March saw the first death involving a vehicle using an autonomous setting, April the second. The circumstances of each very different but both had commentators, potential owners and the motor vehicle industry rethinking their approach.
Uber were in the firing line for being too lax about the onboard autonomous settings they used and disabling Volvo factory safety features. Volvo were in the firing line for allowing Uber to use their vehicle. Tesla weren’t much better off for the zero-distance follow setting and the additional safety gear required by firefighters and police when there’s a serious crash and the car goes up in flames. Telsa’s woes continued when the US the National Transportation Safety Board removed Tesla as a party in the investigation and then the public called them out on their marketing material including images of look mum no hands while driving.
I’m in no doubt that a smarter motor vehicle will make for a safer motor vehicle. But there’s a couple of key considerations, driver education and implementation of technology. Proximity indicators, lane change assist, route planning and navigation all sound great but it’s the extent to which the technology is used, and the driver is aware of their role and the cars role at any time.
The Volvo XC90 SUV that Uber was operating as part of its autonomous-driving program had its manufacturer-installed crash-avoidance equipment deactivated when it hit and killed a pedestrian in March. Instead, Uber had installed its own technology on the vehicle. Technology which failed.
An Aptive spokesperson (the company that provides Volvo with its cameras and radar) told Bloomberg, “We don’t want people to be confused or think it was a failure of the technology that we supply for Volvo, because that’s not the case.”
It’s worth noting the woman hit by the car was pushing her bike, a form of transport neglected by many modern city planners. Some have suggested she was forced to cross in the middle of the road by city planning that is almost actively hostile to pedestrians.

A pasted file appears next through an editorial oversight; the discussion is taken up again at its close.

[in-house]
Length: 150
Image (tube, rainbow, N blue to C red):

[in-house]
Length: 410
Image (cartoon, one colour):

The accident has forced Uber’s autonomous cars off the road in Arizona and California, Uber said it would not to renew its permits to test the vehicles there. Back to the drawing board.
There doesn’t appear to be any agreement on what caused the Tesla crash. ABC News reported complaints had been made about the performance of the car's autopilot features prior to the accident. Tesla could find no record of complaints. Tesla released the onboard data collected seconds before the crash, angering official investigators. One commentator opined it looked like vehicular suicide.
Its probably worthwhile mentioning autonomous driving levels, they range from zero to five. TechRepublic have a good summary here https://www.techrepublic.com/article/autonomous-driving-levels-0-to-5-understanding-the-differences/. Both crashes mentioned earlier happened at level three.Thilo Koslowski, a former analyst for Gartner, thinks that ultimately, there are three stages that will be relevant: "automated, autonomous, and driverless." It's important to distinguish between "autonomous" and "driverless," he said: "driverless is a more advanced stage of autonomous."
One thing that struck me about the new range of smart cars is the size of the screen which helps the driver with various settings. Gone are the half a dozen knobs to control the basics. Now you get large screens with various gesture capabilities competing for your attention rather than encouraging you to keep your eyes on the road. Interestingly the Tesla Model 3 has moved some autopilot settings from the central console to dials on the steering wheel. And a heads-up display won’t fix this issue.
Now there’s a conversation starting around the quality of roads, consistency of signage and better town planning to help our new autonomous friend’s figure things out quickly. New Zealand’s variable road quality is an issue. Even in cities, something as simple as clearly drawn cycle lanes is rare, traffic light phasing is unpredictable, road markings variable. The list goes on.
Autonomous vehicles will be with us one day, but that day isn’t that close. Even if one is well tested overseas doesn’t mean it’s going to work in New Zealand conditions without some configuration, further testing and increased investment in safer roads for all.